According to a recent study, the rise in interest rates has resulted in a significant decline in property sales – up to 40 per cent in some regions. In addition, the research indicates that another interest rate hike could further dampen market activity.
Figures revealed by Moverly showed that the average number of monthly property transactions across the UK property market dipped by a quarter since the Bank of England’s decision to raise interest rates in December 2021.
An average of 96,732 homes were sold each month during the period from December 2020 to November 2021. But that figure plummeted to 72,785 from December 2021 to November 2022 monthly across the UK property market, a drop of just under a quarter (-24.8%).
Breaking this down into regions, it’s the South East which has seen the largest decline, with the average number of homes sold every month falling by 30.2 per cent. The South West followed hot on its heels with a 29.9 per cent drop, while the East of England saw drastic reductions in its market activity by 29.8 per cent. The capital followed at 26.8 per cent, while the East Midlands saw a drop of 25.6 per cent.
Across the border, Scotland saw the smallest decline, although still significant at 10.6 per cent in the average number of homes sold each month. Just two areas of the UK market avoided a reduction in transactions since interest rates started to climb.
Aberdeen’s sales increased by 2.4 per cent, while Clackmannanshire, the smallest council area in mainland Scotland saw a 1 per cent increase in the average number of homes sold per month.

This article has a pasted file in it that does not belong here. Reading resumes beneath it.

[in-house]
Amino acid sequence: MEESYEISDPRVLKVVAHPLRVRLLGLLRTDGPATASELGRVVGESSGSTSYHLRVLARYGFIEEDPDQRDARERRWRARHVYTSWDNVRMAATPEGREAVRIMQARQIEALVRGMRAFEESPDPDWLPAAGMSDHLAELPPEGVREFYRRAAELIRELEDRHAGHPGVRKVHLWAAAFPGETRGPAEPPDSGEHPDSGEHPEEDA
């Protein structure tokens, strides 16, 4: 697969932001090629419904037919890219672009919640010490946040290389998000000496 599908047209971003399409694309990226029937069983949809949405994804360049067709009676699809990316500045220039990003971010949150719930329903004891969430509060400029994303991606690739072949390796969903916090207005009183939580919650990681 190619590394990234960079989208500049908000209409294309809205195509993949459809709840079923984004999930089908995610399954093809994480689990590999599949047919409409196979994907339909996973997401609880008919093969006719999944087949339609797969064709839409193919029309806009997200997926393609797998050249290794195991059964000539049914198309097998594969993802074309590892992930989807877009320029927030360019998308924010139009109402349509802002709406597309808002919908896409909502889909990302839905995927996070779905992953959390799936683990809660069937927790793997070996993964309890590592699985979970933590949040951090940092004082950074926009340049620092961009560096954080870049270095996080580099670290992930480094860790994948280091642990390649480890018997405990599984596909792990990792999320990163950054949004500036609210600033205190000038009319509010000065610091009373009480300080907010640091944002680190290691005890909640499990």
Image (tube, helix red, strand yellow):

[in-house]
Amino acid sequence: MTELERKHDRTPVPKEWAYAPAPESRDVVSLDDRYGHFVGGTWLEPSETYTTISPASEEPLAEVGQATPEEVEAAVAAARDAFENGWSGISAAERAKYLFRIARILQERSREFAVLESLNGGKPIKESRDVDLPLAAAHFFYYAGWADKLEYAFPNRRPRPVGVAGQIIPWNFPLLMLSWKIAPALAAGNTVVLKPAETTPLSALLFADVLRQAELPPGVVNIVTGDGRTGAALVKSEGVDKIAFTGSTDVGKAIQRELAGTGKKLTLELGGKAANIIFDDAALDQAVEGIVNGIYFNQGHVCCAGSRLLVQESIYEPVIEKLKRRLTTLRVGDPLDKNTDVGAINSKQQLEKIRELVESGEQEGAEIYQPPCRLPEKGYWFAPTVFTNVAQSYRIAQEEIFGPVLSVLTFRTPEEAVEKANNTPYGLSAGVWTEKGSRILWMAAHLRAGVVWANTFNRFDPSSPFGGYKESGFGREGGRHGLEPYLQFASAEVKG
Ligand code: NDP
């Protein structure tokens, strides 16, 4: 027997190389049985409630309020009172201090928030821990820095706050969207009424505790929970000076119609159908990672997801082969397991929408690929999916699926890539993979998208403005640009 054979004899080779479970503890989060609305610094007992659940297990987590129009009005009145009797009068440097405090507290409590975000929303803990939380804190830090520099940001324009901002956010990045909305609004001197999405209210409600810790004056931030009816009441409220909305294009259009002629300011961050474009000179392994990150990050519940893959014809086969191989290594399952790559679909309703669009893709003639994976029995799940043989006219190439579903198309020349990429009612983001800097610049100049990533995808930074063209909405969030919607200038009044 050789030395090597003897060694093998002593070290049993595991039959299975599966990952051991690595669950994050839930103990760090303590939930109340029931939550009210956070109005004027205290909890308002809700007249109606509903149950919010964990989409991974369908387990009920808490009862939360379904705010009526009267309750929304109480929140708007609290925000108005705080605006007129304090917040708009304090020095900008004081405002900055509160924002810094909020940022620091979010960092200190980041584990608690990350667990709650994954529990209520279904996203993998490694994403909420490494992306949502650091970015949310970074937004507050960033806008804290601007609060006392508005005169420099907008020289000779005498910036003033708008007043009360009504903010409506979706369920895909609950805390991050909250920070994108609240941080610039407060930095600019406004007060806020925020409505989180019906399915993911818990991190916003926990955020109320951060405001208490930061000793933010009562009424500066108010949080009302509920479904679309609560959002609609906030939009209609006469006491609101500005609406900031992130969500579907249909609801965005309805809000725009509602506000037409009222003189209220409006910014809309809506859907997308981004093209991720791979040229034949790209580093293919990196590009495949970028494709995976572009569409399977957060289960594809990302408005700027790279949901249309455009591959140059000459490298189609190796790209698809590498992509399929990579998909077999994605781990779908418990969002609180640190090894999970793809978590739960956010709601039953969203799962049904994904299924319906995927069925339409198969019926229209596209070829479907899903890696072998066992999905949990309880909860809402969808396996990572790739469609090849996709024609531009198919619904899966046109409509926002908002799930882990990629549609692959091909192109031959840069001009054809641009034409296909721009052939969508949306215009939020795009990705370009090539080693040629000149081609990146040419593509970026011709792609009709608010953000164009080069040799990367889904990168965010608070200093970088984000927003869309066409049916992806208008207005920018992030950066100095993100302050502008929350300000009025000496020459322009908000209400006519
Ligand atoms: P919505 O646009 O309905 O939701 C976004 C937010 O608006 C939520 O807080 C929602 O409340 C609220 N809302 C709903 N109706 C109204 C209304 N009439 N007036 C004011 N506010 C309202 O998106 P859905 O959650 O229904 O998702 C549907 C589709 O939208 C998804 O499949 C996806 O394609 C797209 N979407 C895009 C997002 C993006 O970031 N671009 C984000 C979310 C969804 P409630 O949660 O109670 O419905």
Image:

The worst hit area of the market, according to the digital upfront property pack provider, is Mid Suffolk. The average number of monthly transactions seen across the Mid Suffolk property market has dipped by 40.1% since interest rates started to climb in December 2021.
Other areas to make the top 10 that saw a drop in monthly sales include Uttlesford (39.8%), West Oxfordshire (39.7%), Maldon (39.6%), Torridge (39.2%), Harborough (38.8%), Havering (37.9%), Hambleton (37.5%), Maidstone (37.4%) and Test Valley (37.1%).
Ed Molyneux, Moverly co-founder, commented, “There’s no doubt that the market has started to cool since interest rates began to increase, and we’ve seen a considerable reduction in buyer activity across almost every area of the UK market. However, it’s rather telling that the most inflated regions of the property market have been worst affected, while Scotland has seen a far more measured reduction.”
He added, “This is down to the fact that buyers are contractually obliged to follow through with a property purchase far earlier in the transaction timeline north of the Scottish border. So the increasing cost of borrowing hasn’t caused the same level of market instability as it has in the likes of the South East, where buyers have struggled to secure a mortgage as rates have climbed.”
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